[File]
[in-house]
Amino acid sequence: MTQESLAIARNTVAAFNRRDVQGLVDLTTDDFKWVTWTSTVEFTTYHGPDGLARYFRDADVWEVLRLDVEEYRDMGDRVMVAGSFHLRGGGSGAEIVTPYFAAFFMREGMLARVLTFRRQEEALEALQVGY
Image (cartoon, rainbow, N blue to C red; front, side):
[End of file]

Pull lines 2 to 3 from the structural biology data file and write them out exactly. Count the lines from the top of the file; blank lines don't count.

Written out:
Amino acid sequence: MTQESLAIARNTVAAFNRRDVQGLVDLTTDDFKWVTWTSTVEFTTYHGPDGLARYFRDADVWEVLRLDVEEYRDMGDRVMVAGSFHLRGGGSGAEIVTPYFAAFFMREGMLARVLTFRRQEEALEALQVGY
Image (cartoon, rainbow, N blue to C red; front, side):